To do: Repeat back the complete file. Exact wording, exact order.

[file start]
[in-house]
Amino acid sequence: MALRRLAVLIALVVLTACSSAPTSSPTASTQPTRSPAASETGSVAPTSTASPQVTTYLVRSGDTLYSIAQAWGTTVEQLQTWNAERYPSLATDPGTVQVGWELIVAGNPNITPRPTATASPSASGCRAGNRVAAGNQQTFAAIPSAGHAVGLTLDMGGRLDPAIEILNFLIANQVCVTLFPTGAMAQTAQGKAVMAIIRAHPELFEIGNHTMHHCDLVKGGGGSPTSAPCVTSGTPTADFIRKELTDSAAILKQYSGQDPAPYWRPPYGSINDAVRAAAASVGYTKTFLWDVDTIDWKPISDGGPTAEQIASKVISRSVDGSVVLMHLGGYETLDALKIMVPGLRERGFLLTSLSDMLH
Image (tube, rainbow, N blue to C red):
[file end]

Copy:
[in-house]
Amino acid sequence: MALRRLAVLIALVVLTACSSAPTSSPTASTQPTRSPAASETGSVAPTSTASPQVTTYLVRSGDTLYSIAQAWGTTVEQLQTWNAERYPSLATDPGTVQVGWELIVAGNPNITPRPTATASPSASGCRAGNRVAAGNQQTFAAIPSAGHAVGLTLDMGGRLDPAIEILNFLIANQVCVTLFPTGAMAQTAQGKAVMAIIRAHPELFEIGNHTMHHCDLVKGGGGSPTSAPCVTSGTPTADFIRKELTDSAAILKQYSGQDPAPYWRPPYGSINDAVRAAAASVGYTKTFLWDVDTIDWKPISDGGPTAEQIASKVISRSVDGSVVLMHLGGYETLDALKIMVPGLRERGFLLTSLSDMLH
Image (tube, rainbow, N blue to C red):